TODAY

• Canary Wharf Squash Classic • 7th to 11th March 2016 • London •  

 TODAY at the Canary Wharf Squash Classic 2016

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Wed 9
th Mar, Day FIVE:
English bow out in Quarters ...
 
With seven of the eight seeded players through to tonight's quarter-finals, there were four more great matches for the sold out crowd at the East Wintergarden venue.

The only upset of the day came as second seed Simon Rosner was forced to retire after two games against an in-form Cameron Pilley, although top seed Omar Mosaad needed all five games to see off Daryl Selby.

But perhaps the biggest shock is that for the first time in the event's 13 year history there will be no English players in the last four ...

Quarter-Finals:

[8] Borja Golan
(Esp) 3-1 Fares Dessouki (Egy)
         11/8, 5/11, 11/5, 11/5 (62m)

[1] Omar Mosaad (Egy) 3-2 [7] Daryl Selby (Eng)
           11/4, 8/11, 11/3, 4/11, 11/5 (71m)


[6] Cameron Pilley (Aus) 3-0 [2] Simon Rosner (Ger)
           11/7, 11/5 rtd (28m)

[3] Mathieu Castagnet (Fra) 3-0 [5] James Willstrop (Eng)
           11/6, 11/6, 11/9 (49m)
 

Photos by SquashPics.com - more in the Gallery

He played the better squash today.

He showed more experience on court today. But I felt I’ve learned from this match.

I’m happy I’m back on court, I’m happy that I’m enjoying my squash again. I’m not 100% there yet, because I lack backing up hard matches.

Today, I felt a bit heavy, from the match with Marwan more mentally hard than anything else, but I feel I lack a few hard matches, I have lost in the first round of a few tournaments, and I feel it…

Happy with my performance today…

[8] Borja Golan (Esp) 3-1 Fares Dessouki (Egy)
            11/8, 5/11, 11/5, 11/5 (62m)

Borja too accurate
Fram reports

I felt that today, it was more of a mental game than anything else. Both ranked at the same level on the world rankings 20 for Borja, 21 for Fares, it all came down to Experience.

Under high surveillance from the World Ref John Massarella, Fares played very well, his use of the lobs truly put Borja under pressure, but unfortunately for him, he was not consistent enough to put pressure on his opponent enough throughout.

Borja started very well, dominating the first game, 2/0, 4/2, 6.3, 10/5. Fares, who was a bit on the back foot up to there, seemed to relax and stepped up the court, only losing 11/8 in 14m.

And the momentum went with the 21 years old Egyptian in the 2nd, 4/1, 8/2, 11/5, not one error in that 12m, compared to 4 in the first game. Tactically very astute and playing a beautifully varied squash.

In my opinion, Fares loses the match in the 3rd, as he seems a bit flat mentally, while Borja is getting more confident with his shot selection, his boast as lethal as ever, and his counterdropping making a lot of damage in the Egyptian legs.

The 4th is all about Borja’s experience, as from 5/5, he will score all the points to victory. Accuracy coming from the Spaniard’s racquet just impressive today, and he will be very happy to get away with an hour match against an opponent as dangerous as Fares.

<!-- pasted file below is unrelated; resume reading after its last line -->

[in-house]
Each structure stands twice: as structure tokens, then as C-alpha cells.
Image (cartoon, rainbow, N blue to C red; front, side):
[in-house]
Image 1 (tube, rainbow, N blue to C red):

It feels good to get to the semi-finals for the first time. There are always so many good players here that's it is always hard to read the semi-finals so I'm very happy today, especially to beat a quality up and coming player like Fares.

I'm enjoying my squash which is the most important thing.

We all like to enjoy squash and enjoy playing and that's the same for us as professional players - the most important thing is winning and when you're inside the court you give 100 per cent. Sometime if you're not playing at you best there are traffic issues - today wasn't too bad, but we train for that and the main thing is we try and play fluid squash.

Overtime we play we are rivals but after the match we all try to be good people - what happens in the court stays in the court.

[1] Omar Mosaad (Egy) 3-2 [7] Daryl Selby
               11/4, 8/11, 11/3, 4/11, 11/5 (71m)

Mosaad battles past Selby
Alan Thatcher reports

Top seed Omar Mosaad battled past Daryl Selby to reach the semi-finals, but it took 71 minutes of raw power, brilliant squash and fluctuating fortunes before the Egyptian completed the task.

Selby twice fought back to level the scores after losing the first and third games before the 6ft 4in tall world No.4 took control of the fifth.
From 4-4 in the decider, Mosaad won six points in a row to advance to match ball, but that sixth point was the culmination of the best rally of the match as Selby flung himself around the court to keep the ball in play.

We have seen some amazing retrieving at Canary Wharf and in Chicago in the past week, but Selby's never-say-die scrambling reminded me of John White in the 2007 Canary Wharf final against James Willstrop.

Selby claimed one more point before Mosaad closed out the match and now faces another hugely physical battle against Borja Golan in the semi-finals.

Selby doggedly stuck to his task but it was more than just dealing with the incredible pace generated by Mosaad. Selby produced several flowing passages of outstanding squash to win the second and fourth games, working the ball intelligently around the court as the packed East Wintergarden gallery roared him on.

In the end he had to bow to the incredible strength of his opponent, but he did himself, and Essex, and England, proud.

Playing Daryl here is very hard - I though it was going to be easy after the first game and I was up in the second as well but he started to play really well. He was playing very well but after coming back from 2-2 I'm very happy to win.

I played Colombia and Chicago and trying to be strong mentally. I'm very happy to reach the semi-finals here for the first time.

Borja is a very tough player. I'll go and do my recover and hopefully play well and make it to the final.

Yes, it was a clear example of tactical game…

Omar is so powerful, the quality of his length and his hitting has improved dramatically, before he was powerful, but not 100% accurate, whereas now, he is powerful AND accurate.